FeSTAR2 interacted by FeSTAR1 alters its subcellular location and regulates Al tolerance in buckwheat

  • Jia Meng Xu
  • Zhan Qi Wang
  • Jian Feng Jin
  • Wei Wei Chen
  • Wei Fan
  • Shao Jian Zheng
  • Jian Li YangEmail author
Regular Article



Buckwheat (Fagopyrum esculentum) exhibits high Al tolerance, but only a few genes have been functionally characterized. We previously characterized a half-type ABC transporter, Fagopyrum esculentum sensitive to Al rhizotoxicity1 (FeSTAR1), in buckwheat Al tolerance. This study aims to investigate whether and how another half-type ABC transporter (FeSTAR2) plays role in Al tolerance in buckwheat.


The expression of FeSTAR2 and complementation test in Arabidopsis als3 mutant was examined. The interaction between FeSTAR1 and FeSTAR2 and subcellular location were analyzed by bimolecular fluorescence complementation (BiFC) and yeast two-hybrid (Y2H) assays.


Al rapidly and specifically induced FeSTAR2 expression. Having transmembrane domains, FeSTAR2 localizes to membrane. BiFC and Y2H assays showed that FeSTAR2 could interact with FeSTAR1 which contains only nucleotide binding domain. Intriguingly, interaction between FeSTAR1 and FeSTAR2 altered their locations. Both heterologous expression of FeSTAR2 in als3 and exogenous UDP-glucose rescued its Al hypersensitivity of als3 mutant, suggesting that involvement of FeSTAR2 in Al tolerance requires UDP-glucose. Furthermore, Al-induced inhibition of xyloglucan endotransglucosylase (XET) activity in both atstar1 and als3 mutants could be restored by UDP-glucose.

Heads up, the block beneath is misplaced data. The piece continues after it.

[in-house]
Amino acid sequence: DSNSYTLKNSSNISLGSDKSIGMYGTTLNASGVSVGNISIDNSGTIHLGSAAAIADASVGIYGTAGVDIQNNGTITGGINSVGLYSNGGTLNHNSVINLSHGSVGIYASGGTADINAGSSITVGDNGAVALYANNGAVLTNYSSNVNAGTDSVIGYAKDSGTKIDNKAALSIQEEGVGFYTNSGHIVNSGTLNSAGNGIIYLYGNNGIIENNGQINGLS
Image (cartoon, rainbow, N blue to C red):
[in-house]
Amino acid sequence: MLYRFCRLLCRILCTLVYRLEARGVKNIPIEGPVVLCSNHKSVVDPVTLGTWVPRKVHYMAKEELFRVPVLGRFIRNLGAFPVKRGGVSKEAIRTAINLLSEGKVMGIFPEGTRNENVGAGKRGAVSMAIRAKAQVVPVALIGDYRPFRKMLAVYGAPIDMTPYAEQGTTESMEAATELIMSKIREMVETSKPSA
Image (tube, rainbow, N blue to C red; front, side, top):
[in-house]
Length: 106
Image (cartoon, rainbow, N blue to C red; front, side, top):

Our results indicate that FeSTAR2 interacts with FeSTAR1 to form an ABC transporter to regulate Al tolerance by vesicular transport of UDP-glucose which affects hemicellulose metabolism by regulating XET activity.


Aluminum toxicity Cell wall Protein interaction UDP-glucose Xyloglucan 



This work was supported financially by the Natural Science Foundation of China (31572193), 111 project (grant no. B14027), and The Chang Jiang Scholars Program (JLY). We are grateful to Prof. Dong Liu for providing us the Arabidopsis mutant als3 seeds.

Supplementary material

11104_2019_3943_MOESM1_ESM.docx (1.4 mb)
ESM 1 (DOCX 1400 kb)


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© Springer Nature Switzerland AG 2019

Authors and Affiliations

  1. 1.State Key Laboratory of Plant Physiology and Biochemistry, College of Life SciencesZhejiang UniversityHangzhouChina
  2. 2.Key Laboratory of Vector Biology and Pathogen Control of Zhejiang Province, College of Life SciencesHuzhou UniversityHuzhouChina
  3. 3.Research Centre for Plant RNA Signaling, Institute of Life Sciences, College of Life and Environmental SciencesHangzhou Normal UniversityHangzhouChina
  4. 4.State Key Laboratory of Conservation and Utilization of Bio-resources in Yunnan, The Key Laboratory of Medicinal Plant Biology of Yunnan Province, National & Local Joint Engineering Research Center on Germplasm Innovation & Utilization of Chinese Medicinal Materials in Southwest ChinaYunnan Agricultural UniversityKunmingChina

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